<td><div align="center"><a href="#">LINK 5</a></div></td>
      <td><div align="center"><a href="#">LINK 6</a></div></td>
      <td><div align="center"><a href="#">LINK 7</a></div></td>
      <td><div align="center"><a href="#">LINK 8</a></div></td>
    </tr>
  </table>
  <form name="form1" method="post" action="">
    <table width="49%" border="0" cellspacing="1" cellpadding="0">
      <tr> 
        <td><div align="center">Some Form Elements</div></td>
      </tr>
      <tr> 
        <td><div align="center"> 
            <select name="select">
              <option selected>AntiOnline</option>
              <option>ScriptKiddies</option>
              <option>l33t Cowboys</option>
              <option>JP Rules</option>
              <option>alldas.de</option>
            </select>
          </div></td>
      </tr>
      <tr> 
        <td><div align="center"> 
            <input type="radio" name="radiobutton" value="radiobutton">
            Radio 1 
            <input type="radio" name="radiobutton" value="radiobutton">
            Radio 2 
            <input type="checkbox" name="checkbox" value="checkbox">
            Check 1 
            <input type="checkbox" name="checkbox2" value="checkbox">
            Check2</div></td>
      </tr>
      <tr> 
        <td><div align="center"> 
            <textarea name="textarea" cols="20" rows="10">Here is some text inside of the
form that is mutli-lined.

Test1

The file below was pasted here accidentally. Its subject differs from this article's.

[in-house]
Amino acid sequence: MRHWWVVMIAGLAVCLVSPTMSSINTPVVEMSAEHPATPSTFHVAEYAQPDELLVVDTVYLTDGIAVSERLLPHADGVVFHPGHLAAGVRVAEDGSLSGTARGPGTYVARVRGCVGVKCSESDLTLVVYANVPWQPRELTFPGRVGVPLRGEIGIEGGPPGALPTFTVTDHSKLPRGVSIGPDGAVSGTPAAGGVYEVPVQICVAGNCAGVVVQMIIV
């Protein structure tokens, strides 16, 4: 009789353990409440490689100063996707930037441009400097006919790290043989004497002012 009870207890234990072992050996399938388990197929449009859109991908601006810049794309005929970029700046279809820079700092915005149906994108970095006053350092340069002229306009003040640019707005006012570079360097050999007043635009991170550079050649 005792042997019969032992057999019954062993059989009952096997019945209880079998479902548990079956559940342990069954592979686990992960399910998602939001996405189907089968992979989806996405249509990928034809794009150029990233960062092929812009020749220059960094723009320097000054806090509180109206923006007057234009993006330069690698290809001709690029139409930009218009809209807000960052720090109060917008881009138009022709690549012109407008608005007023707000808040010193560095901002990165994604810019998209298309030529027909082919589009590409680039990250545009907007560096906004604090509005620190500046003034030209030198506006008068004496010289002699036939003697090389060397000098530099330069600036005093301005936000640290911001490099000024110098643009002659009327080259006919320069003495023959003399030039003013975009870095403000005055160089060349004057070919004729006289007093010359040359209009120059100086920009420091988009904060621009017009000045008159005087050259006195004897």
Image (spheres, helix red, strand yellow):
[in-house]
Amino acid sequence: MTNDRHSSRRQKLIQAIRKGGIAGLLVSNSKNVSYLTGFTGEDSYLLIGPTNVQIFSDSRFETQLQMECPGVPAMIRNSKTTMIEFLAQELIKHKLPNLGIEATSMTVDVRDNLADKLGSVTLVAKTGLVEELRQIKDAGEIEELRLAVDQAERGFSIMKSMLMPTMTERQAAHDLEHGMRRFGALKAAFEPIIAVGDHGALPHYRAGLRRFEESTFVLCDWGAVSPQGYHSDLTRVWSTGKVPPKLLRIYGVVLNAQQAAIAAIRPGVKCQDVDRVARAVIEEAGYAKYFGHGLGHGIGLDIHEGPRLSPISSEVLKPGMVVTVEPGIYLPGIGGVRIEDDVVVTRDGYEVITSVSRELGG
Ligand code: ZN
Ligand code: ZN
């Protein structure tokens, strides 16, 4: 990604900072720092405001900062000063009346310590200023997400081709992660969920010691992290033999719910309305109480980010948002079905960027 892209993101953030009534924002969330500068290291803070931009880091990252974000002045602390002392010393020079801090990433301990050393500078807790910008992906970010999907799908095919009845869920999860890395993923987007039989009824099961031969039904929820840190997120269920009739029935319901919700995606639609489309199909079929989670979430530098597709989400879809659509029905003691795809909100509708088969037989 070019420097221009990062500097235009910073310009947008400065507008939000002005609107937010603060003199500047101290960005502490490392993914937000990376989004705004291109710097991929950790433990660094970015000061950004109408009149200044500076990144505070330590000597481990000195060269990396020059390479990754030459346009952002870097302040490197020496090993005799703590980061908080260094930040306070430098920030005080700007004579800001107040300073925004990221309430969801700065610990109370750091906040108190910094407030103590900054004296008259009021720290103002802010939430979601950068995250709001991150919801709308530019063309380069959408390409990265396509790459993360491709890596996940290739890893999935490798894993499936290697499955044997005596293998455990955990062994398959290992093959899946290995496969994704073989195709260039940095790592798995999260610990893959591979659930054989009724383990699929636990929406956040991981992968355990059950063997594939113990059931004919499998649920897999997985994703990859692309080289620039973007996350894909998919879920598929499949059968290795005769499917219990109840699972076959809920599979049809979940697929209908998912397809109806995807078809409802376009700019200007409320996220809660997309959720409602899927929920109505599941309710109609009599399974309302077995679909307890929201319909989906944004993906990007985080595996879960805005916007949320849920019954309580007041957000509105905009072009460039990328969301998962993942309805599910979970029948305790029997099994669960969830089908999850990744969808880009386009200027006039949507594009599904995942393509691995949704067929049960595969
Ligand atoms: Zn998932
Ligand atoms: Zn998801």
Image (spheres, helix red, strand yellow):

Test 2

Test 3

Hello, World!</textarea>
          </div></td>
      </tr>
      <tr> 
        <td><div align="center"> 
            <input type="submit" name="Submit" value="Push Me!">
            <input type="submit" name="Submit2" value="Submit Now!">
            <input type="submit" name="Submit3" value="Process The Order!">
          </div></td>
      </tr>
      <tr> 
        <td><div align="center"> 
            <input name="textfield" type="text" value="enter a field value!">
          </div></td>
      </tr>
    </table>
  </form>
  <p>This is some body text that can be changed, and this web page example does 
    not use any classes ;)</p>
  </div>
</body>
</html>

And guess what you see? A form and elements within your web page looking pretty darn loud! Here's an exercise for you. Fix the elements within the CSS code to make it look better or, employ some of the code within your own practice code so you can get practice. Remember, nothing beats practice. Now, the same thing applies to calling a separate CSS document. And this can be applied (without all the code, and the tags remaining intact for space consideration. If you are still confused, please re-read the other sections of this tutorial).

<!DOCTYPE HTML PUBLIC "-//W3C//DTD HTML 4.01 Transitional//EN">
<html>
<head>
<title>A Webpage With Forms</title>
<--! This makes things easier to read!! Notice the LINK pointing to a URL, the type of file, and what it's relative to.-->
<LINK href="sample2css" type=text/css rel=stylesheet>
</head>

With all the elements of the page within a separate CSS document. Easy and neat, isn't it? And to tell you the truth, it is not hard to code at all! Okay, now let us look at another important aspect of CSS, and that is the idea of a CLASS.

The idea of a CLASS